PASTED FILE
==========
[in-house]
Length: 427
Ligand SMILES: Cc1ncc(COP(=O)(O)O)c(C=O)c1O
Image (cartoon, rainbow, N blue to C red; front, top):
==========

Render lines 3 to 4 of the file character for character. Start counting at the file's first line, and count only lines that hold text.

Ligand SMILES: Cc1ncc(COP(=O)(O)O)c(C=O)c1O
Image (cartoon, rainbow, N blue to C red; front, top):